Papahanaumokuakea is a model for our future
August 26 marks the fifth anniversary of the expansion of the Papahanaumokuakea Marine National Monument. As a kanaka maoli and young marine scientist, I am proud of my commitment to protect this incredible ocean ecosystem and its historical and scientific artefacts from the first Polynesian culture.
But more importantly, I am proud of the commitment to explicitly include Hawaiian culture and knowledge systems as a valuable aspect of monument management – as evidenced by the new Mai Ka Po Mai Cultural Orientation Report. With climate change and the loss of nature threatening the future of our planet, our cultures, and my generation, Papahanaumokuakea should serve as a role model in Hawaii and across the world.
Indigenous communities bring generations of culture, knowledge and perspectives related to environmental conservation and stewardship. For the Kanaka Maoli, or native Hawaiians, the interdependence of nature and culture is our identity. It goes beyond realizing that nature and culture are one, to establish a lasting bond between people and place.
Through the cultural immersion programs of Kamehameha Hoomakaikai schools, I learned first-hand about my kupuna’s hard work to protect the aina, kai and law of the islands. By hand, I planted saplings of koa in the slopes of Mauna Loa to restore a native forest. In Oahu law, I planted kalo to maintain a local farm and business. Wading through the deep sewage water, I grabbed and removed by hand invasive fish from local ponds.
Aina is the source of Hawaiian identity. It is based on the reality that humans are not separate from the environment. Malama aina is a Hawaiian expression of our rights and kuleana to take care of aina. Learning experiences with Kamehameha schools taught me the importance and invaluable practices of environmental stewardship established by our kupuna.
My current job at Malama Maunalua showed me how an organization of community members who embody this identity can strive to find environmental management solutions. Malama aina has universal implications for the direct care and protection of resources established before us.
From the start of his designation, Papahanaumokuakea established a model for establishing Hawaiian culture as the basis of his management framework. Earlier this summer, the monument’s co-administrators released Mai Ka Po Mai, a landmark policy document that was the culmination of more than a decade of discussions with the Native Hawaiian community.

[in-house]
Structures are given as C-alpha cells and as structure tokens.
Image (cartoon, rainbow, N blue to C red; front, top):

It incorporates the cultural traditions associated with Papahanaumokuakea and seeks to help federal agencies further integrate native Hawaiian culture into the management of this special oceanic place. For example, it establishes malama aina, cultural practice, blessing protocol, and olelo Hawaii to ensure that traditional knowledge and values ââare recognized and perpetuated.
By including indigenous Hawaiian culture within the boundaries of the Papahanaumokuakea management framework, studies of the North Hawaiian Islands can expand beyond traditional scientific research, as cultural studies, language, history, l archeology, song and dance are encouraged in the process of research and monitoring.
Indigenous-led conservation can protect our marine ecosystems.
It is essential to raise the voice of indigenous communities and build on their leadership for place-based conservation efforts. Unique collaborative management systems, like Papahanaumokuakea, should serve as a model for effective protection of oceans and marine protected areas as the Biden administration strives to meet the national goal of conserving at least 30% of our ocean by 2030.
Indigenous-led conservation can protect our marine ecosystems, but more importantly, protect our diverse communities and cultures that are interconnected with these ecosystems. Scientific significance and cultural value can be one and the same.
E komo mai! Let’s celebrate together the anniversary of the expansion of the Papahanaumokuakea Marine National Monument and share its legacy across the world.